Earlier this year, my colleagues Kelsey Woodford and Jolena Jeffrey wrote about the New York Adult Survivors Act and its one-year lookback window. The one-year lookback window lasts until November 23, 2023, so that window will close soon.
The New York Adult Survivor’s Act (“ASA” or “the Act”), which became effective on November 24, 2022, provides a one-year lookback window for people to seek civil remedies for sexual abuse they experienced after they turned 18, regardless of what year the abuse occurred. Many have taken advantage of this lookback window in the past 11 months, but there is just under one month remaining for people to seek civil remedies: the lookback window lasts until November 23, 2023.
Please check out my colleagues’ blog explaining the context and recommendations for understanding and using the New York Adult Survivors Act for more details about the ASA.
Below, I provide an overview of the major provisions of the ASA.
What is the ASA?
The ASA creates a one-year lookback window for people to seek civil remedies for sexual abuse they experienced after they turned 18. Before the ASA, a person who experienced sexual abuse had only a few years to file a lawsuit in New York before their claim expired. Many survivors of sexual abuse struggle to come to terms with the abuse they experienced, and so this narrow window of time meant they had little time to do so, find an attorney, prepare a case, and file a lawsuit. For survivors who missed that narrow window, the ASA reopens the courthouse doors: if you experienced abuse after the age of 18 at any time, you have until November 23, 2023, to file a claim in New York and seek recovery for what happened to you.
The ASA takes account of the reality of sexual abuse, recognizing that it can take years to process, and those years often extend far beyond the short filing windows New York historically created for these types of claims.
What offenses does the law cover?
The ASA makes clear that the sexual offenses covered by the law span a wide range of behaviors, including but not limited to forcible touching, rape, sexual assault, sexual misconduct, and other forms of sexual abuse. Not every sexual offense is covered, however, and an attorney can help assess whether your claims falls within the ASA.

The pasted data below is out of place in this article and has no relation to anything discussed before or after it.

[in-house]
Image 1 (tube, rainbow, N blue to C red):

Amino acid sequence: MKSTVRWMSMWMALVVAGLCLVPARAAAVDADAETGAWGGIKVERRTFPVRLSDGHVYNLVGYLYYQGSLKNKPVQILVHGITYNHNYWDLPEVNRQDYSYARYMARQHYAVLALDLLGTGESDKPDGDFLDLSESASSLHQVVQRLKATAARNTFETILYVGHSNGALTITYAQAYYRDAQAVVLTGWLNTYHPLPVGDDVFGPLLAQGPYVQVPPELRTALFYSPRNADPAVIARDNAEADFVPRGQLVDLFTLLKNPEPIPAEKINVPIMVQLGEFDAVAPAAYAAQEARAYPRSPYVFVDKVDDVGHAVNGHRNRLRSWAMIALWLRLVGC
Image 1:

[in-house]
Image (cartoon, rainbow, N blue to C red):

Who can you sue?
Under the ASA, survivors can sue their abusers, as well as the institutions that insulated those abusers from justice. For example, an adult survivor might be able to sue an individual supervisor, professor, or community leader, as well as the institutions that gave their abusers power and protected them from answering for their actions, such as colleges and universities, social organizations such as fraternities and sororities, medical practices, and employers. This opens larger opportunities for recovery, as institutions often have greater resources than individual abusers.
How do you use the ASA?
The first thing you should do is consult an attorney. If you decide to move forward with your case after a consultation, your attorney will work with you to determine the best strategy. This strategy may involve going to court, or it may involve seeking a resolution that works for you outside of court.
As you go through the process of finding an attorney, please know that you deserve counsel that is compassionate, knowledgeable, and focused on your needs and interests as a client. This is about what happened to you, and your attorney is there to guide you. You should feel heard, understood, and respected.
When do you need to file?
You must file your claim by November 23, 2023.
Why would you file a lawsuit about what happened to you?
For many, if not most, people, surviving sexual abuse is not something that can be “fixed” by any kind of legal action. But the remedies available through civil suits can serve as a proxy for some measure of justice, and that proxy can enable survivors to move forward.
Successful ASA plaintiffs can recover economic, compensatory, and punitive damages from both the individual abuser and the institution. Many survivors suffer financial loss in addition to the mental, emotional, and physical harm of the abuse itself. Civil courts can make you financially whole and further compensate you for the pain of the experience and the efforts you must make to heal.